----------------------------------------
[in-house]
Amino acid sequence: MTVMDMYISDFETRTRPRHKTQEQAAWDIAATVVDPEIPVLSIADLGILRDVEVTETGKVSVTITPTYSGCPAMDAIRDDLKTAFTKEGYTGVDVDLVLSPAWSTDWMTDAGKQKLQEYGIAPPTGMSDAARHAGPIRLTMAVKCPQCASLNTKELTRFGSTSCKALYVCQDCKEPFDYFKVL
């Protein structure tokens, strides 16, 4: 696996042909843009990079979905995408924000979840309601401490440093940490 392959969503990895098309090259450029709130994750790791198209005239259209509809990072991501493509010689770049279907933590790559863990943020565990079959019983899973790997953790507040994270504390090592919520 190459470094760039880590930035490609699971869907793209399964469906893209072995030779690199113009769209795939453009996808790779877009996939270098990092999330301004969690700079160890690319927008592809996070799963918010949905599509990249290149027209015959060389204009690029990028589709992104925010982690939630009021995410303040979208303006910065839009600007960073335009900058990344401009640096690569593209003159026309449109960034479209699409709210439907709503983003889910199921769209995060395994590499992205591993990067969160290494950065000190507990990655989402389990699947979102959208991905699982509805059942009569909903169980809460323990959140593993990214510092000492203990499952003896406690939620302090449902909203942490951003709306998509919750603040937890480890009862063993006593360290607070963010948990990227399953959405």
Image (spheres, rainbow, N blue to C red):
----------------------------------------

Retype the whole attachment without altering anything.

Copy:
[in-house]
Amino acid sequence: MTVMDMYISDFETRTRPRHKTQEQAAWDIAATVVDPEIPVLSIADLGILRDVEVTETGKVSVTITPTYSGCPAMDAIRDDLKTAFTKEGYTGVDVDLVLSPAWSTDWMTDAGKQKLQEYGIAPPTGMSDAARHAGPIRLTMAVKCPQCASLNTKELTRFGSTSCKALYVCQDCKEPFDYFKVL
């Protein structure tokens, strides 16, 4: 696996042909843009990079979905995408924000979840309601401490440093940490 392959969503990895098309090259450029709130994750790791198209005239259209509809990072991501493509010689770049279907933590790559863990943020565990079959019983899973790997953790507040994270504390090592919520 190459470094760039880590930035490609699971869907793209399964469906893209072995030779690199113009769209795939453009996808790779877009996939270098990092999330301004969690700079160890690319927008592809996070799963918010949905599509990249290149027209015959060389204009690029990028589709992104925010982690939630009021995410303040979208303006910065839009600007960073335009900058990344401009640096690569593209003159026309449109960034479209699409709210439907709503983003889910199921769209995060395994590499992205591993990067969160290494950065000190507990990655989402389990699947979102959208991905699982509805059942009569909903169980809460323990959140593993990214510092000492203990499952003896406690939620302090449902909203942490951003709306998509919750603040937890480890009862063993006593360290607070963010948990990227399953959405």
Image (spheres, rainbow, N blue to C red):